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I often think of yoga as a practice which moves beyond the boundaries of the spoken

word.

I did my first teacher training in Cologne, Germany�at a time that I didn�t speak
more than a handful of German words. The training was half in English, half in
German. We were a mixed group of multilingual, unilingual and somewhere-int-between
yogis. But we got by.

During anatomy and philosophy, when we really needed a translator, we buddied up.
But mostly, as we practiced together, as we shared the process of learning
together, we communicated through movement, through touch, through listening to one
another�s breath.

Sometimes not being able to fill a space with empty words made us see each other
more clearly. It brought us closer to each other, closer to ourselves. In the years
since, I�ve taken many classes in languages I don�t quite speak, I�ve taught
countless students who are not native speakers of English, and I�ve found over and
over that the practice of yoga transcends whatever barriers a language difference
presents.

However, sometimes words are a powerful means of carrying us into the language of
the body. The right words become the river guide that ferries us from this world of
intellectualizing and analytical thinking across to the shadowy world of feeling.

A poem is a bridge between the language of the mind and the language of the soul.

These are 10 of my favorite poems for shaping a yoga class. Sometimes, I briefly
introduce the theme before reading the poem. Sometimes, I feel it�s enough to lead
students to awareness of breath and then simply read the poem, letting the words
speak for themselves.

Sometimes, I choose a poem as a contemplative focus in my own self-practice.

Use these words in whatever way moves you.

1. Perfection

Wild Geese by Mary Oliver

�You do not have to be good.

You do not have to walk on your knees

For a hundred miles through the desert, repenting.

You only have to let the soft animal of your body

love what it loves.�

You are perfect in your wholeness. Your wholeness includes your scars, your
weaknesses, your mood swings, the days of your life you�d rather pull the covers up
over your head and stay in bed.

Yoga is a practice of peeling away labels of �good� and �bad� and embracing
whatever form of beauty you bring to your mat each day.

2. Movement

the care with which we move in and out of a pose.� Through practice. sensual animal dance the unhinged. the constant subtleties of tuning that align the body more harmoniously. we move from unknowing into knowing. 4. The transition between asanas. we find the dance of the breath. that delights us. unplugged. be on the watch. When we follow the breath into the body. are as important as the poses themselves.We Have Come to Be Danced by Jewel Mathieson �We have come to be danced not the pretty dance not the pretty pretty. when we focus our gaze inwards. Even within the held space of an asana. pick me. from darkness to illumination. this process often becomes a journey that surprises us. With practice. What you held in your hand. we invite light into the shadows. pick me dance but the claw our way back into the belly of the sacred. Awareness The Laughing Heart by Charles Bukowski �your life is your life don�t let it be clubbed into dank submission. feel the future dissolve in a moment like salt in a weakened broth. all this must go so you know how desolate the landscape can be . 3. we are in motion. cat is out of its box dance the holding the precious moment in the palms of our hands and feet dance� As long as we are alive. what you counted and carefully saved. Compassion Kindness by Naomi Shihab Nye �Before you know what kindness really is you must lose things.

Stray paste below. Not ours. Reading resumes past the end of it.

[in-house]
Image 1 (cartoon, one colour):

� Yoga is a practice of non-violence. 5. And whether or not it is clear to you. a pose that is eternally frustrating. It�s not all rainbows and lollipops out there. 6. Gratitude So Many Gifts by Hafiz �Please forgive Hafiz and the Friend if we break into sweet laughter when your heart complains of being thirsty when ages ago every cell in your soul capsized forever into this infinite golden sea. But it�s also pretty easy to get caught up in the whirlwind of worries and to-do lists and lists of things-that- pissed-me-off-today. but we also trust the wind to carry us home. Devotion The Religion of Love by Ibn Arabi . in your practice (and your life).� Endeavor. we do our best to stay the course. And know. We learn to take all our sorrows and our hurt and wrap them in the blanket of our own self-love. Perhaps.between the regions of kindness. an experience with a teacher that irritates you. Let your practice be an appreciation of your body. We forget to be astonished that you and I even exist. as you turn your attention inwards. are lessons that become threads in the strong weave of your practice. give yourself a few moments to observe the facts of your life for which you are grateful. to do what you intuit is best.� I know. we take that blanket of love and drape it across the world. And then we learn to be compassionate. or to follow the sound advice of others. your ability to move. We lose sight of the miracles. you have a right to be here. Celebrate that you have the time and resources to attend a class or to make space for your self-practice. no doubt the universe is unfolding as it should. no less than the trees and the stars. An injury. We start by learning kindness towards ourselves. of love. Trust Desiderata by Max Ehrmann �You are a child of the universe. In yoga (in life). that you will make mistakes and that good fortune will not always appear to be on your side. 7. still.